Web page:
Laura Sharman 16 June 2021

Directors warn of unsustainable rise in social care demand

Directors warn of unsustainable rise in social care demand image

Adult social care services are seeing a 'phenomenal' rise in requests for help from vulnerable and older people, a survey has warned today.

A survey of social services directors in England found almost seven in ten are seeing a growing demand for help with mental health issues. Nearly six out of ten also say more people with care and support needs are seeking help to escape domestic violence or other abuse.

Nearly seven in ten directors (67%) said they were seeing more people seeking help due to the breakdown in carer arrangements.

The Association of Directors of Adult Social Services (ADASS) - who conducted the survey - warned that people will face a delay in receiving help unless the Government delivers its long-awaited social care reforms.

Stephen Chandler, president of ADASS, said: 'Some of the numbers we are seeing are phenomenal. The trends are unsustainable and show why the Government must publish its plans for social care as a matter of urgency.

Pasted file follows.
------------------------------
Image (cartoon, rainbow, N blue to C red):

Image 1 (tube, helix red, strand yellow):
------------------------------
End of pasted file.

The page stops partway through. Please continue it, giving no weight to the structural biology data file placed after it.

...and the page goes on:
'Our findings demonstrate very starkly that the crisis in social care is not just a crisis in the way we support older people. Half our spending is on help for adults of working age.’

The survey also highlighted the extent social care is working alongside the NHS with 75% of directors dealing with people being discharged from hospital, and nearly half (48%) providing help for those waiting for admission.

Mr Chandler added: ‘Adult social care has stepped up during the pandemic and is providing care and support both for many more people who have been unable to get admission to hospital and for many more who have been discharged. Without social care, the NHS would collapse.’

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